Pumpers are caught in the middle of these swirling NIMBY battles on a regular basis. As an industry we need to work to counter unfounded claims and calm fears often born of ignorance about proper septic maintenance and sound disposal practices. You don’t ask to be thrust into these arguments, but as the expert in wastewater hauling, you must sometimes bring a rational voice to the conversation.

The controversy over a septage receiving station seems quite benign when compared to permitting for land application near suburban population centers, for instance. It seems that those implementing the receiving station or the local pumping community could easily show justification for a new facility and calm fears over odors or pollution.

Success story

Pumpers could explain the economic impact of failing to provide adequate dumping opportunities for sludge they collect throughout the county. A convenient transfer site will shorten disposal runs, most likely holding down costs to the end user. Further, an additional or updated facility will enhance safety and reduce problems like odors, spillage and truck traffic.

Health officials could explain that modern septage receiving facilities are clean, efficient and unobtrusive to neighbors. I would welcome them to point to the successful Livingston County, Michigan, facility we featured in a Pumper story and video presentation. See the story, “Dumping Done Right’,’ and a video here:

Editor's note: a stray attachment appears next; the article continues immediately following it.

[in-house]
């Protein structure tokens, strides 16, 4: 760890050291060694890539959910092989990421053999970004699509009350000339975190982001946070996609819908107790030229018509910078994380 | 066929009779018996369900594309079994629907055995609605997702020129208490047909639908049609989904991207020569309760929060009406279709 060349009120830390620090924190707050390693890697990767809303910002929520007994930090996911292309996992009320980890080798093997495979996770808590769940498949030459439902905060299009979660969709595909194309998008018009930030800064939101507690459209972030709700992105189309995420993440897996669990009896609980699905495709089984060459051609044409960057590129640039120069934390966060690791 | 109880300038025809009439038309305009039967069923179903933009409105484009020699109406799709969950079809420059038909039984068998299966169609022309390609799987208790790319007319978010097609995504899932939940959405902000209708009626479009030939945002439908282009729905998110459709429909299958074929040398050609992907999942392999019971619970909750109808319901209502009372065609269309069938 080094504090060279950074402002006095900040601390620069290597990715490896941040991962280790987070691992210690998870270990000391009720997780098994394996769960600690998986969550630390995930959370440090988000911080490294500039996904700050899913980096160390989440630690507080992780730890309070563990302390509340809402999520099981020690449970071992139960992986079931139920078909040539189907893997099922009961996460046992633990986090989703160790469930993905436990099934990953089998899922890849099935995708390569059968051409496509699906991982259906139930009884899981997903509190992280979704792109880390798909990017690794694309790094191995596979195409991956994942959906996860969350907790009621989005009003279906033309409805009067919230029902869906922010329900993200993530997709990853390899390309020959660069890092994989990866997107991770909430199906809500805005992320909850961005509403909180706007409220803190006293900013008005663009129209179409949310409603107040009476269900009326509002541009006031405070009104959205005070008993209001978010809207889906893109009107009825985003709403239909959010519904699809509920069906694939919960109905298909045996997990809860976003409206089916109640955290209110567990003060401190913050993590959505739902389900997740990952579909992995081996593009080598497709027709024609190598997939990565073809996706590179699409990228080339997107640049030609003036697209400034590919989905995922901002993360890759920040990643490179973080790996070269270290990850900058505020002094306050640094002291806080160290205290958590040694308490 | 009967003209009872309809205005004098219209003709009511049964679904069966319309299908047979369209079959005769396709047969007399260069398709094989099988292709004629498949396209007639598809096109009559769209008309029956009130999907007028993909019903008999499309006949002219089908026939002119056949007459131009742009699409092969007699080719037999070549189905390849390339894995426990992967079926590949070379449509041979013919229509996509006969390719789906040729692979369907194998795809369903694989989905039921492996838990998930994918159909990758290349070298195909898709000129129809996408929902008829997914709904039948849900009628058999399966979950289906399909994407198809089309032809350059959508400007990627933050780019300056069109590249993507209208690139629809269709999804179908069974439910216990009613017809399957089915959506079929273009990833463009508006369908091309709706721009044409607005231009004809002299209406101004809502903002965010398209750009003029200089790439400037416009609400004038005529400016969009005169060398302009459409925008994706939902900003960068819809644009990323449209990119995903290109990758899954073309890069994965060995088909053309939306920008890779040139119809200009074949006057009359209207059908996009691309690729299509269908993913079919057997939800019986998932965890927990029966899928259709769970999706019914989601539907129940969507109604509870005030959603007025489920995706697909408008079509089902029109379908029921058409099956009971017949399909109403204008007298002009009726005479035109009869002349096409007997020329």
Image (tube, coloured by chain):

The Michigan facility is a model for the industry. About 20 pumpers shared their ideas for the design, resulting in efficient and trouble-free disposal stops of about 20 minutes, with drive-through bays and computer printouts of dump tickets. The building was constructed to look like a modern brick firehouse, taking the aesthetic concerns of area residents into consideration. It shows what can be accomplished when the public and private sector work together to solve a wastewater hauling challenge.

As for the reaction to the proposed septage receiving station in Virginia, pumpers and health department officials should patiently answer the questions from irate residents and seek to educate the public on the importance of safe and effective wastewater disposal. And the homeowners using septic systems should understand their concern about wastewater shouldn’t begin and end with the flush of the toilet.